By Jonathon Van Maren
A couple of years back, I participated in an hourlong debate on one of the biggest radio stations in London, Ontario, on the subject “Is porn good for society?” I was arguing that pornography is poisonous, and a queer studies professor was taking the opposite view. Over the course of the hour, she began to steadily agree with me that pornography’s impacts were pernicious. Porn fueled rape culture; taught a perverse view of sex; it shaped young, impressionable minds with violent and degrading sexual content.
Toward the end of the debate, I asked her how she could agree with me on nearly every point — but still defended the idea that porn was good for society.
Her answer was revealing. As a queer person, she said, she had needed pornography when she was young to explore her sexuality. To put it bluntly, many young people identifying as LGBT need porn to figure out how to put their sexual views into practice. Porn functions as a “how-to” manual. Thus, this professor was willing to cede that the vast majority of porn was poisonous. But she maintained that in the case of young, non-straight people trying to figure things out — porn was necessary, and even good. This conversation sprang to mind when Pink News, a radical LGBT outlet, published an article titled “Tory bid to revive failed ‘porn-block’ ban could put LGBT+ users at risk, critics warn.”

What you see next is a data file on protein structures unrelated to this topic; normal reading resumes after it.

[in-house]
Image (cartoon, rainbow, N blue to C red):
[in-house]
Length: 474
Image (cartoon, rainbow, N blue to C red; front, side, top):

The U.K. government has been trying — and failing — to implement policies keeping porn away from minors for some time. After various setbacks, the Tories are relaunching a previous plan with the revived Online Safety Bill (scheduled to be tabled in March) that will require porn websites to verify user ages with key details such as credit cards or passports to ensure that minors cannot access these sites.
This will apply to all major porn sites as well as other pornographic outlets such as OnlyFans. The plan is obviously full of holes — porn is so ubiquitous that kids seeking it will certainly find it — but it is nonetheless a very small step in the right direction.
Porn companies who fail to follow the new law could face massive fines of up to “10 percent of the company’s annual turnover and even block them from operating in Britain via blacklists issued to the country’s ISPs.”
The Department for Digital, Culture, Media, and Support has stated that a range of age verification methods are being explored. “Parents deserve peace of mind that their children are protected online from seeing things no child should see,” digital minister Chris Philp stated. “We are now strengthening the online safety bill so it applies to all porn sites to ensure we achieve our aim of making the internet a safer place.”
In short: Stay away from the kids.